Summer beach traffic during the Cold War had its own special flare.
The huge-wrap around picture window in the rear of my Grandmothers Cadillac offered unexcelled visibility to see and be seen, allowing uninterrupted lavish vistas of Long Beach Road, as we drove to her beach club El Patio to spend the day.
Along with the flashy Ford Fairlaine convertibles filled with wind-swept teenagers blasting their radios..“Mr Sandman, build me a dream (bung bung bung bung)” a common sight on those mid-century roads was the military convoy of trucks loaded with soldiers followed by long trailers carting not-so-secret-missiles clumsily covered with olive drab-colored tarps on their way to the Missile base in sunny Lido Beach.
Along with the construction of the snazzy beach clubs up and down the narrow strip of land, the government had built for M’Lady’s and Gents protection, a Nike installation.
Kept in cold storage were 60 Nike Ajax guided surface to air Missiles deep in concrete bunkers buried in the sand…”Mr Sandman Please turn on your magic beams, Mr. Sandman bring me a dream!”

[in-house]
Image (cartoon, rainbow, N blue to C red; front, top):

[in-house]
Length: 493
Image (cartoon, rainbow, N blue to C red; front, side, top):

Building Sandcastle Missiles in the Sand
Sometimes, while driving past the chain linked enclosed Missile base, standing in the shadow of the Grand Lido Beach Hotel, that Jazz age bubblegum colored sand castle in the sky, I might catch a glimpse of those Mighty Birds from the road as the soldiers put them up on their launches.
One week out of every month the base was placed on alert so some very lucky guests at the hotel, Long Islands answer to The Riviera, were treated, at no extra cost, to an extra thrill.
Whether you were dining at the elegant restaurant with its retractable roof for feasting under the stars or being entertained by flashy stars like Connie Francis, Edyie Gorme and Sammy Davis Junior, at the ritzy circular nightclub, you might get an extra floor show feasting your eyes at the sight of 40 foot long beckoning to behold Nike Aircraft Missiles aimed at the sky ready to shoot down any enemy bombers.
It was a real showstopper!
Gazing out the back of the Caddies large panoramic rear window the lingering image of the powerful Missiles thrusting into the deep blue summer sky would slowly diminish, resembling the tiny dioramas of model missiles preparing for launch displayed in the store window of Moe’s Hobby World.
Just as the image faded, we would arrive at the Beach Club.
© Sally Edelstein and Envisioning The American Dream, 2013. Unauthorized use and/or duplication of this material without express and written permission from this blog’s author and/or owner is strictly prohibited. Excerpts and links may be used, provided that full and clear credit is given to Sally Edelstein and Envisioning The American Dream with appropriate and specific direction to the original content.
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